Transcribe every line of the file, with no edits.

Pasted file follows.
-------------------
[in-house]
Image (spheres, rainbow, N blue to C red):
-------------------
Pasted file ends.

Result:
[in-house]
Image (spheres, rainbow, N blue to C red):